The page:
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Recommendations for Growing Hydrangeas

In an interview with Dr. Michael Dirr, we asked "What are your recommendations for growing hydrangeas?"

  • Buy a reblooming one.

  • Find partial shade. North or east side of the house is usually good.

  • Moist soil if you can do it. Mulch them. Preserve moisture. Hydrangeas show terrific drought stress, 85 degrees and above they begin to show it. We’re looking for that trait too (in hybridizing), heat tolerance as well as drought tolerance. I don’t know if we’ll ever get that.

  • When the flowers become brown and tatty, take them off.

  • Do not cut them back in the spring until bud break.  This is the insane thing. People cannot help themselves. They want to prune them and clean them up way ahead of when they should. The flower blooms are forming. Even on the rebloomers, the flower buds form on old growth first. In the fall flower buds are all formed for next year. So don’t cut them back until bud break in the spring. Take a look at how much live tissue you have, which will be manifested in new leaves popping out at the nodes—there are two buds at a node. Prune the plant back to the green. Bonnie and I wait every year before we clean them up. Sometimes they’re killed back clean to the ground, the crown. They will come back, and if it’s a rebloomer, it will rebloom.

  • You need fertilizer. We use 10-10-10. Ideally if you have composted horse manure, cow manure, any kind of organic matter like mushroom compost, it makes no difference. Use it. Then cover it up with two inches of mulch or something to preserve moisture. Pine straw, whatever. If you want to use a liquid fertilizer, it’s ok. Usually a tablespoon to a gallon of water. Dump it on and saturate the root zone.


At the same time a slow-release fertilizer lasts about four months and that’s all you need.  Typically starting in late march, Hydrangea macrophylla will show new foliage. Fertilize it then, and you covered April, May, June, and July. You don’t want to fertilize after July because all you do is force soft, succulent growth, which is probably going to get injured by early season cold.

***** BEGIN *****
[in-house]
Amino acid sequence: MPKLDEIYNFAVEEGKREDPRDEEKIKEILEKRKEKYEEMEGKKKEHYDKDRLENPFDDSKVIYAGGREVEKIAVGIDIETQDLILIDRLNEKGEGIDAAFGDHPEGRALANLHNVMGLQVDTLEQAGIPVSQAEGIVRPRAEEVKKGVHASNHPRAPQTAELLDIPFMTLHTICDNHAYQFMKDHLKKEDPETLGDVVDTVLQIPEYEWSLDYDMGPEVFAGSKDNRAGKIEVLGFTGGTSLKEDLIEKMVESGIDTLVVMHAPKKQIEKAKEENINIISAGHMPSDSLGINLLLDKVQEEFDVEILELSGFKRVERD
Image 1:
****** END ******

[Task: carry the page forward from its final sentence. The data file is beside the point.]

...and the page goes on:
Or use 10-10-10. As I say, 10-10-10 is the cheapest thing you can buy. Inexpensive is not bad when you’re fertilizing your plants. In some places you pay more for the same bag of fertilizer. Plants don’t read the fertilizer bag. The key is get it down. You may only need 4 oz. per plant, depending on the size of the plant. Spread it evenly around the crown of the plant. Don’t put it on wet foliage. Don’t put it on a wet stem. Water it in because it has to dissolve, and let it rip. We fertilize late February, early March and might do it again in late May, depending on whether it looks like it might need a little kick starter.

  • Hydrangeas, particularly macrophylla, need iron. A tablespoon to a gallon of water. This will green them up in a heart-beat. In high pH soils, meaning you’ve got a lot of lime (pH of 6.5, 7, 7.5), they tend to go chlorotic, meaning they’re iron-deficient. You’ll see green veins, yellow in the other areas, and the way to clean it up is to give them liquid iron.

  • If you have a freeze coming, cover them. My wife, Bonnie, and I put T-posts, which are mostly used for fences, around the plants and we use string to create a structure. We put cloth over the whole thing and use clothespins to hold the cloth on to the string. You can use frost protection blankets, which provides ~6 degrees of protection. The nursery industry uses it and it’s pretty good. If you have a few plants, put a sheet over them. Do not put plastic on them because cold is transmitted right through the plastic. So put cloth over them, and that will probably save them. You have to be cognizant of when the freeze is coming. In cold weather, 28 degrees F will kill the leaves and youngest tissue while 25 degrees pretty much flattens them outright. Plants like H. macrophylla are the most sensitive followed by H. serrata, followed by H. paniculata. The most frost-tolerant hydrangeas are H. quercifolia and H. arborescens, the foliage surviving 20 degrees F.


I always tell my students you’ve got to observe. You build this pyramid of knowledge about any plant, in this case, hydrangeas. Over time you have a pretty good synthesis of what makes a plant tick or not tick or what it needs to survive and thrive and what it’s genetically supposed to do. We’ve tried to breed cold hardiness into macrophylla. We can’t do any better than zone 5, which can reach minus 10 to minus 20 degrees. Once you go to minus 10, you’re going to kill them. We’ve used H. serrata, which is much more cold-hardy. I’ve seen H. serrata flower in Burlington, Vermont when the temperature reached -18 degrees F.  We’re using that to breed a cold-hardy plant. We’ve had a lot of hybrids, but they haven’t been tested yet in zone 4 and 5.  Someone is going to get lucky, just like we got lucky and found Endless Summer®. Someone will find a H. macrophylla blooming in Fargo, ND, Caribou, ME, or International Falls, MN, and that will be the next genetic resource for advancing cold hardiness.


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